The U.S. District Court for the Middle District of Florida recently dismissed a borrower’s claims that a servicing company had committed RESPA violations due to the borrower’s failure to prove damages caused by the violations. Chadee v. Ocwen Loan Servicing, LLC.
The borrower claimed that the servicing company violated RESPA on three counts. First, because the servicing company allegedly failed to respond in a timely fashion to a written Request for Information (“RFI”) within the five day statutory time period set out in RESPA; second, that it allegedly failed to provide the contact information for the owner of the borrower’s mortgage within the ten-day statutory time period set out in RESPA; and third, that it did not adequately respond to Plaintiff’s RFI.
The borrower originally brought the claims in a Florida Circuit Court, and sought less than $100 in actual damages plus attorneys’ fees and statutory damages for the servicing company’s alleged pattern of disregard for the requirements imposed by RESPA Regulation X. The servicing company timely removed the case to the Florida District Court.
The Court found the documents referenced in the Complaint contradicted the borrower’s allegations. Those documents, which were attached as exhibits to the complaint, verified the servicing company’s claim that it sent a letter to the borrower’s attorneys which: explained that its response would be limited to servicing; explained the basis for fees on the loan; forwarded a payment history; and relayed internal requests for additional information.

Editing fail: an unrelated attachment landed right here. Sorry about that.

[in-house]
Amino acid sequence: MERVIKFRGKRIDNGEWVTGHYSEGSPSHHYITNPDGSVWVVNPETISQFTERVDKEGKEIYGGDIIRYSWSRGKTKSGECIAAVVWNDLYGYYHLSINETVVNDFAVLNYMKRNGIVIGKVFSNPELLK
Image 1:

The court also rejected the borrower’s assertions that the Defendant did not respond to a RFI in a timely manner. The court found that Plaintiff had not stated any factual basis for actual damages as a result of Plaintiff’s actions. The only actual damages that Plaintiff claimed were related to the drafting and mailing of various Notices of Error (“NOE”), which were sent by Plaintiff’s attorneys to Defendant despite the attorneys having received Defendant’s substantive response to the RFI months earlier. The court reasoned that because the attorneys had already received the answer they were after, there was no need to submit the NOEs that resulted in the purported “actual damages.”
The court cited Spokeo, Inc. v. Robins, U.S., 136 S. Ct. 1540 (2016) (“Spokeo”), which established that concrete injury is necessary in order for a plaintiff to have standing, even in the context of a statutory violation. In light of this, despite the fact that Defendant did violate the statutory deadlines for responding to RFIs, the court held that the allegations of bare procedural violations of untimeliness were insufficient to establish concrete injury.
The opinion can be found here: https://scholar.google.com/scholar_case?case=5072872405389596449&hl=en&as_sdt=6&as_vis=1&oi=scholarr.